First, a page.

What Happens After You Win?

When I’m in a casino I tend to do two things:

  1. I bet conservatively when I’m winning
  2. I bet aggressively when I’m losing.

This is not consistent with rational behavior, but evidently I’m not alone. This affliction runs rampant in our species.

Economists reviewed more than five hundred thousand online poker hands and looked at how big gains or losses influences short-term behavior. They concluded that “after a loss about two-thirds of players are looser and more likely to bet to stay in a game than after a win.” This research comes from Allison Schrager’s soon to be released book, An Economist Walks Into a Brothel.

If aliens came down to our planet, they wouldn’t understand why we make decisions this way. Should’t you be loose after winning and stiff after losing? In theory, yes, but if you’ve ever sat at a Blackjack table, you know how stressful winning can be.

Losing players tend to count their chips after a winning streak. They submit to the temptation to get up and walk away. Winning breeds paranoia. We become paralyzed by the fear that we’re going to give back our winnings. Losing money has the opposite effect.

When we lose money and have a chance to win it back right away, or even come out ahead, not only do we take more risk, but we take even bigger risks and thereby subject ourselves to even bigger losses. If we want to avoid loss, it would be better to just walk away. The break-even effect explains your conviction that the next hand of blackjack or the next coin in the slot machine will make you whole or win back your money and then some.

We’ve known for a while that investors react differently to gains and losses, but recently there have been new developments. In a paper by Essentia Analytics called Holding The Line, they revealed the results of a new study that tracked investors over a period spanning ten years to find out how winning and losing affects short-term performance.

Here are a few of their findings (taken from the paper):

  • Over half of PMs changed their behavior in one way or another when on a streak. Nearly one in four changed it when winning, and 41% changed it when losing
  • When managers were on a winning streak, the majority of them traded less often and made fewer decisions. That’s just as well, because the decisions they make when on a winning streak tended to destroy value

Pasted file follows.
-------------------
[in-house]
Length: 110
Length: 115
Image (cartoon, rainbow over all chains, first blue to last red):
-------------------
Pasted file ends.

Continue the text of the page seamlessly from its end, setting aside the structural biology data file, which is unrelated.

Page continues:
• When they were on a losing streak, managers typically traded more often, and in larger size, increasing portfolio turnover. Those decisions tended to destroy even more value.

The majority of gamblers and investors tend to be over-protective of their winnings. Others however, become emboldened after a winning streak. In a game of chance where reversion to the mean is certain, pressing your winners is a good way to give it all back and then some. In the stock market, however, where prices tend to exhibit momentum characteristics, the emboldened investor can turn this bravado into his or her advantage.

It’s hard to bet big when you’re winning, and it’s really hard to buy a stock that gaps up 15%, but this is what winners do. In the words of George Soros, “it takes courage to be a pig.” Stanley Druckenmiller was one of those rare people who possessed the ability to walk away after a small loss and the courage to bet huge when the market went his way.  In an interview with Real Vision, he said, “The most important job for a money manager is to understand when they’re cold and hot.”

Your brain works against you when you’re cold and when you’re hot, everyone knows this. But the difference between knowing and executing is why the Market Wizard books sit on millions of bookshelves and why there are so few Market Wizards.

 

 

 

 

 

 

 

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